– Normally, John Ryder would get about as much space in this column as Bare-knuckle Boxing fight reports. It’s not that Ryder is a bad fighter, it’s just that he’s a “meh” fighter for me. For me, he’s a top-level UK regional talent fighting on afternoon cards that normally don’t do much for me. Like I said, meh. If he’s at the world stage-level, it’s merely as a fringe contender.

Ryder’s win over Zach Parker Saturday (via Parker’s fourth-round RTD no to hand injury) earned him the interim WBO super middleweight title, but more important, it likely won him a Canelo Alvarez lottery ticket for the Mexican star’s post-injury “tune-up” date on Cinco de Mayo Weekend. 

Although nothing is official, Ryder seems like the ideal opponent for an Alvarez who pretty much said that he was looking for something less daunting this May after wrist surgery. Ryder is good, but not spectacular; tough, but not a killer; talented, but not next-level capable. And with this win over Parker, alongside a close points victory over Daniel Jacobs in February and a “should’ve won” loss to Callum Smith in 2019, the London native has a high enough profile to merit a B-side pay-per-view slot. 

Realistically, he doesn’t stand much of a chance against Alvarez-- he IS still the guy with a loss to Canelo bludgeoning victim Rocky Fielding-- but he’ll put up a fight and make the outing look less like a mugging and more like a regular run-of the-mill boxing mismatch. 

– Dillian Whyte had a tougher time than expected against unheralded American Jermaine Franklin Saturday at Wembley Arena in the UK. Normally, that wouldn’t bode well for the immediate future of a veteran coming off a big loss, yet still hanging around the Top 7 or so. But, actually, Frankin was better than I thought and certainly tougher than anyone imagined.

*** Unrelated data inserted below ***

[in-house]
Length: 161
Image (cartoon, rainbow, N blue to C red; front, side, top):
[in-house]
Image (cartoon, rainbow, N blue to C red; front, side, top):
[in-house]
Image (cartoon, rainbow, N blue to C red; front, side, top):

The 29-year-old Frankin, from Saginaw, Michigan, was handpicked by Whyte’s team for having a paper-impressive 21-0 record, yet an overall low-level body of work. Franklin’s high-water mark wins came against Jerry Forrest and Rydell Booker in 2019 and, just six months ago, he was, literally, fighting at a United Steelworkers party hall in Gary, Indiana. 

But, despite lacking the power and high-end talent to beat a world class opponent, he did well against Whyte and some would argue that he might’ve even deserved a close points victory. 

So, what does all of that tell us about Whyte, who, let’s face it, was going to move on to bigger and more lucrative things regardless of what happened Saturday? Was this a case of Franklin being better than anyone imagined and Whyte taking him lightly as a prelude to a big-ticket Anthony Joshua rematch next year? Or is Whyte on the definitive decline after being stopped in six rounds by Tyson Fury this past April and exchanging KO losses with Alexander Povetkin the two fights before that?

We’ll get some kind of answer when he faces Joshua next year, but then again, maybe not an all-that-definitive one since Joshua, himself, is sorting through various issues. 

In the meantime, at least Whyte is great on the mic and makes for some fun headlines. 

Got something for Magno? Send it here: paulmagno@theboxingtribune.com